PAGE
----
After an LOI is signed, the due diligence process takes place. Due diligence is the legal term for the process through which a buyer verifies that the seller’s business is how the seller described it. The amount of due diligence varies in proportion to the size of the transaction—a larger purchase price tends to mean a greater amount of due diligence by the buyer. Certain qualities of online businesses simplify the due diligence process. There are often not a lot of physical assets so site visits aren’t common. There can be employees, but there are likely fewer than in more traditional businesses. There are also likely to be fewer regulatory requirements, but regulatory approvals will still be part of the due diligence process.
Once the buyer has completed the due diligence process, the transaction moves towards closing. This is when the lawyers will be most involved in the transaction. The parties will take the LOI and whatever was learned during due diligence to negotiate the definitive deal documents. These documents are the asset purchase agreement, the bill of sale, and the assignment and assumption agreement. All three will be executed at the same time and act together to implement the transaction.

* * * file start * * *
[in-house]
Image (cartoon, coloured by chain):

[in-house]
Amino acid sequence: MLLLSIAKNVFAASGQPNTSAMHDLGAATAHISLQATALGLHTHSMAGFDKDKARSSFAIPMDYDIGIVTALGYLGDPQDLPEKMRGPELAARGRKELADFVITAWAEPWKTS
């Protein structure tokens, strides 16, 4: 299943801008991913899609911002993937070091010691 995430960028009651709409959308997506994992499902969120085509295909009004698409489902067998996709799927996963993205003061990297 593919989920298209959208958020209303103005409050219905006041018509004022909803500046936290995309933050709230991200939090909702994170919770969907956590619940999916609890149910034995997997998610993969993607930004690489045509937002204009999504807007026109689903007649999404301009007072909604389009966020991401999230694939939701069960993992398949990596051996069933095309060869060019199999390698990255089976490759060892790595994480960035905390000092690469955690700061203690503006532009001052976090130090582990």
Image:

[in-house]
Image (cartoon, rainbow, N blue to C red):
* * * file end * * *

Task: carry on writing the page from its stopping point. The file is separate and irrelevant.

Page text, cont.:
The asset purchase agreement is the master document. In it, the terms from the LOI will be expanded and additional terms added to make it the lengthiest document and the one where the lawyer will spend the most time making sure all of the clauses work together to accomplish the transaction agreed to in the LOI. Both buyers and sellers should expect to spend time reviewing this document with their lawyers to make sure that they are getting the deal they think they are getting and that there will not be any surprises at closing.
The bill of sale and the assignment and assumption agreement are the documents that formally transfer ownership of the assets and liabilities being purchased by the buyer in the transaction. These are short documents filled with legal formalities, so even though the terms will be standard it is still worth going over these documents with a lawyer to better understand them.